Making Final Preparations for Cedar Mesa Area

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ImNotDedYet

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I have a particular photography subject that I'm hoping to document in this upcoming trip, so I have at least for now, the locations chosen from a photography perspective. I'll be fine tuning them based on my almost-always incorrect weather app's predictions of the weather and the real-time weather. I'll also be driving from point to point, camping in the evenings at locations which support my day hikes.

What I'd really like to know from you all is any _don't miss_ locations in the towns of Bluff, Blanding, or Mexican hat. Essentially, any must-stops of interest (I find many things interesting, the quirkier the better) in the US-191, UT-95, UT-261, US-163 boundary? (or nearby) Coffee shops, restaurants, shops, stores, abandoned junk.

Many thanks to you all!
 

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Jackson

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Not a draw by itself, but in Blanding, there's a combination of a gas station, bowling alley, and A&W restaurant all in the same building. I thought that was pretty interesting. Definitely worth a stop though if you need gas or lunch of course. Or if the weather sucks and you want to go bowling. Haha.

Also, I've heard good things about Edge of the Cedars State Park museum.
 

Titans

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Well, we were just there. I will try to send you a personal message about some things to see in Bluff and Cedar Mesa.

But more public info:
1) the only (!) grocery store in a very wide area is in Blanding, so plan appropriately ;)
Blanding is a "dry town" now, so plan ahead if you like something alcoholic.
Blanding does have the amazing "Edge of the Cedars State park" with a huge collection of Anasazi pottery and a Puebloan village.
2) We stayed in Bluff and Monticello. Bluff is right along the San Juan river.
We ate a few times in Bluff and had great pork tacos at "Twin Rocks cafe". Other good restaurants have closed down for the season. Monticello has a fantastic new BBQ place (doug's Steak & BBQ), with great BBQ and some of the best service I have seen in years. Someone local told us Monticello also has a great pizza place, but I don't know the name.
3) the dirt loop road "valley of the gods" (kind of east and northeast of Mexican hat) is a must. It's really beautiful. It's also loaded (!!!!) with free and beautiful blm camp spots. The eastern half of the loop is the nicest, we thought.
4) the Gooseneck state park close to Mexican hat is suppose to be nice, we didn't make it there. (Unrelated, We also drove into the 'Mexican hat rock formation', kind of lame..... But it looks like a Mexican hat.)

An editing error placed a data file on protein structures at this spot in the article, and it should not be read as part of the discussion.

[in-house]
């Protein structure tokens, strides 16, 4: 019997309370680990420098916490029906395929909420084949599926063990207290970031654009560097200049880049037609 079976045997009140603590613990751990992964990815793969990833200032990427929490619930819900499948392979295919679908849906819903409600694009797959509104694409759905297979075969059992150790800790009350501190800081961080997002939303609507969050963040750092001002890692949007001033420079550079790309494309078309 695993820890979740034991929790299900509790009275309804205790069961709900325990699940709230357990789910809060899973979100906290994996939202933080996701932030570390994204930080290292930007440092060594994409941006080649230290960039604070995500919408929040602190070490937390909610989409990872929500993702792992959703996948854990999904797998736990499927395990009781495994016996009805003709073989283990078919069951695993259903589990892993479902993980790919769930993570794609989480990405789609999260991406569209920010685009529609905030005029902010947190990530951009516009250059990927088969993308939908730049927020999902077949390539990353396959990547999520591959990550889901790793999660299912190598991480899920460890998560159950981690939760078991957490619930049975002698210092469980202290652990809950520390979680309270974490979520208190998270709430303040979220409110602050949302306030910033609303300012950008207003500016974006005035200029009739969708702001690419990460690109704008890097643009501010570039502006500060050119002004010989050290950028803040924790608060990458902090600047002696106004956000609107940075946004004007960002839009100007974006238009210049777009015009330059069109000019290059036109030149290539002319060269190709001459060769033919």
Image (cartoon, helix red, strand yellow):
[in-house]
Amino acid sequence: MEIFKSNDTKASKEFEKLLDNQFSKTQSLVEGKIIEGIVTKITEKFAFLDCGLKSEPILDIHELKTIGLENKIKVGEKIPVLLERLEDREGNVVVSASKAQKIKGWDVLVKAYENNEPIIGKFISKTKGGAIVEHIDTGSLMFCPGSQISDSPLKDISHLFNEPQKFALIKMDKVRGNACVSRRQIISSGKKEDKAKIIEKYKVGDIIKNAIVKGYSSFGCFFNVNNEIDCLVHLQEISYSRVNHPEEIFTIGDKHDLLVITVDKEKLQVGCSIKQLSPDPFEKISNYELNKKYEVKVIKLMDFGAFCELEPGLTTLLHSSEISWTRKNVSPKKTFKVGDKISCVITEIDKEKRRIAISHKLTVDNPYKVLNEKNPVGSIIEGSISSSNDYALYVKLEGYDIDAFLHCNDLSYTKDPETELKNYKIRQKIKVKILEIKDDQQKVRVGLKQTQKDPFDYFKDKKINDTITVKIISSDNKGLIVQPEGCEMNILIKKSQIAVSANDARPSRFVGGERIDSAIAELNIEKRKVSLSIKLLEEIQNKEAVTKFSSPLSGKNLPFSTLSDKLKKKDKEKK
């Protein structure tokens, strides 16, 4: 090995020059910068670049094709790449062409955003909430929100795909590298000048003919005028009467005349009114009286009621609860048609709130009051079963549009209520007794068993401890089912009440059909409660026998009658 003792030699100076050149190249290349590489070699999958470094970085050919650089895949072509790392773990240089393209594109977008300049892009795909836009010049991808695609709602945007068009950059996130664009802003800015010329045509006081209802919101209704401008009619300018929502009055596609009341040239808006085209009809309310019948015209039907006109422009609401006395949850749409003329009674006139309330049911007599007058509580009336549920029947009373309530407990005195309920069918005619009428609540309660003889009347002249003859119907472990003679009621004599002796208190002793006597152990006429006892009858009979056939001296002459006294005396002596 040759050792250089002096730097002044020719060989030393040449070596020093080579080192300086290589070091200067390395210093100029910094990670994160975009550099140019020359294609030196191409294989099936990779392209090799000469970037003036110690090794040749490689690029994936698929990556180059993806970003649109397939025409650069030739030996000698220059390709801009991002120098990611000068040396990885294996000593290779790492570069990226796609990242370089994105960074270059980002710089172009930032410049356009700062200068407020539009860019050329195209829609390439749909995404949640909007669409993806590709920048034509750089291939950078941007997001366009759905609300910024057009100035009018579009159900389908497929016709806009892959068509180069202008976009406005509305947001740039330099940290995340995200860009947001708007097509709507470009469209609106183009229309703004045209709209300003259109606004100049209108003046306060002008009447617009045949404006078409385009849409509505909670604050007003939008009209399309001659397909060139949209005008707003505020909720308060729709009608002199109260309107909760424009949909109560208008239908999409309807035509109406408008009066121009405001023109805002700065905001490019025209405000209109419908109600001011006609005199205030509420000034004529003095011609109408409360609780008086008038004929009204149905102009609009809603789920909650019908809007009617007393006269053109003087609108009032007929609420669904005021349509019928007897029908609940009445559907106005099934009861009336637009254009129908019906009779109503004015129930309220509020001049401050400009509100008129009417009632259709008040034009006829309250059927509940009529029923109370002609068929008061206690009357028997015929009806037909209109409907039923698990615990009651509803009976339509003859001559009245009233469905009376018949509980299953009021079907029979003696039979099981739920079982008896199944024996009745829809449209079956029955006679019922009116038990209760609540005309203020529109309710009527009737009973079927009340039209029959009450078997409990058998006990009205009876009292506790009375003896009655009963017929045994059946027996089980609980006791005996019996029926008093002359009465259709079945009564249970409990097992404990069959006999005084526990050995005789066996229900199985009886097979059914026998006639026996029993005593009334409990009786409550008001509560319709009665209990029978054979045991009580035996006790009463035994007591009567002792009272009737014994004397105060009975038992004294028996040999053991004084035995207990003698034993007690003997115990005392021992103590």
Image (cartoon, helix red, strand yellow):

5) if you drive from Cedar Mesa down via Mexican hat to Bluff, or up from Bluff to Cedar Mesa, then the dirt switchbacks on the Moki Dugway north of Mexican Hat are kind of unusual and you certainly get great views.

I will attempt to message you about some other stuff in Bluff and Cedar Mesa. And just so you know, It was already pretty cold and often windy on Cedar Mesa.
 
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SteveR

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Maybe not "must see"....
Groceries- get them in Monticello if you can. FAR better store there especially for fresh stuff. Blue Mountain I think it is called, west off main drag.
We found the (free!) museum in Bluff interesting in regards to local history.
Coffee shop in Bluff was good, had WiFi and local (pricey) art.
Goosenecks- great view, it was a windy place to camp.
 

ImNotDedYet

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You all are awesome! I really appreciate the info!

One of my favorite combos outside of chocolate and peanut butter: A&W and bowling alley! :) Sounds awesome!

I've got a whole mess of those dehydrated meals that you just add hot water, so I hope to not need groceries. But I do have instant coffee, so a coffee shop would be nice. I didn't realize groceries would be so sparse, good to know though!

Edge of the Cedars is now on my list for bad light/crummy weather/I can't possibly drive another washboard road today. Thank you!

Awesome restaurant info Titans! Thank you! I'm sure I'll take your advice at some point as I won't be able to stomach these meals.

I do have a day (and night camping) in Valley of the gods. I'm looking forward to that. I also tentatively have some time and potentially camping at Goosenecks, so it's good to know I may have to practice guying my tent. And Mokey Dugway and Muley Point are also on my list, so appreciate the confirmation I've selected some fun stuff!

Thanks again all!
 

fossana

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Adding that the dirt road on the backside of Bears Ears saddle gets sketchy if it snows or is wet and there are shady hollows that hold snow even if the other roads look clear. Ask me how I know. ;) If you're trying to get to sites accessed by it you can always go from the lower elevation Blanding side.
 

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